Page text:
Australia to study three new pieces of debris for link to missing MH370

Reuters

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A family member of a passenger onboard Malaysia Airlines flight MH370 which went missing in 2014 holds a banner during a gathering in front of the Malaysian Embassy on the second anniversary of the disappearance of MH370, in Beijing, China, March 8, 2016. Photo: Reuters/Damir Sagolj A family member of a passenger onboard Malaysia Airlines flight MH370 which went missing in 2014 holds a banner during a gathering in front of the Malaysian Embassy on the second anniversary of the disappearance of MH370, in Beijing, China, March 8, 2016. Photo: Reuters/Damir Sagolj

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Three new pieces of debris thought to be from missing Malaysia Airlines Flight MH370 have been found washed up on Indian Ocean beaches and will be examined in Australia, the transport minister said on Thursday.
Two of the pieces were found in Mauritius while the third was found in Mozambique.
The minister, Darren Chester, said in a statement all three items would be investigated in connection with the disappearance of MH370.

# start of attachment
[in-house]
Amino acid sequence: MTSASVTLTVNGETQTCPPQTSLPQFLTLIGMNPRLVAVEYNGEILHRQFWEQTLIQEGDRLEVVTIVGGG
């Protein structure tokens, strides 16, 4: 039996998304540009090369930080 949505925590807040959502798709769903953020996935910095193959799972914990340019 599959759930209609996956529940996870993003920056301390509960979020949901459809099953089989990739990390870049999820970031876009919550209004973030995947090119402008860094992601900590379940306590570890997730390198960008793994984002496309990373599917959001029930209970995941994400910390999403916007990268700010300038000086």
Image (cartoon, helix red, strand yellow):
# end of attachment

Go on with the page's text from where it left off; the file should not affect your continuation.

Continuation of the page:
"These items of debris are of interest and will be examined by experts," he said.
Flight MH370 disappeared in March 2014 with 239 passengers and crew on board shortly after taking off from Kuala Lumpur bound for Beijing, in what has become one of the world's greatest aviation mysteries.
Investigators believe someone may have deliberately switched off the plane's transponder before diverting it thousands of miles off course over the Indian Ocean.
A first piece of the Boeing 777, a wing part known as a flaperon, washed up on the French island of Reunion in July 2015. Malaysia and French authorities confirmed it was from the aircraft.
Two pieces of debris discovered later in South Africa and the Mauritian island of Rodrigues were almost certainly from the jetliner, Malaysia's transport ministry said this month.
Chester said Malaysia was arranging to collect the three new pieces and would send them to Australia, which has been leading the search for the aircraft in the Indian Ocean.

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